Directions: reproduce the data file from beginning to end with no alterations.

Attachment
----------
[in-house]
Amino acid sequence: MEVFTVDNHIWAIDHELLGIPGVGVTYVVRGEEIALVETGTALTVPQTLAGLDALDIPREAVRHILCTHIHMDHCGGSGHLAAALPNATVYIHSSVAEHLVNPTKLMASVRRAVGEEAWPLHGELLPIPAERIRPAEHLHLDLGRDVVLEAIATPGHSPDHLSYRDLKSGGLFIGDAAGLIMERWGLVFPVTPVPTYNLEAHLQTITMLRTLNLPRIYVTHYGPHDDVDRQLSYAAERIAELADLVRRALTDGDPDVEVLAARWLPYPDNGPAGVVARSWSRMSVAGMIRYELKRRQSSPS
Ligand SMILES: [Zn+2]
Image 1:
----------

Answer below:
[in-house]
Amino acid sequence: MEVFTVDNHIWAIDHELLGIPGVGVTYVVRGEEIALVETGTALTVPQTLAGLDALDIPREAVRHILCTHIHMDHCGGSGHLAAALPNATVYIHSSVAEHLVNPTKLMASVRRAVGEEAWPLHGELLPIPAERIRPAEHLHLDLGRDVVLEAIATPGHSPDHLSYRDLKSGGLFIGDAAGLIMERWGLVFPVTPVPTYNLEAHLQTITMLRTLNLPRIYVTHYGPHDDVDRQLSYAAERIAELADLVRRALTDGDPDVEVLAARWLPYPDNGPAGVVARSWSRMSVAGMIRYELKRRQSSPS
Ligand SMILES: [Zn+2]
Image 1: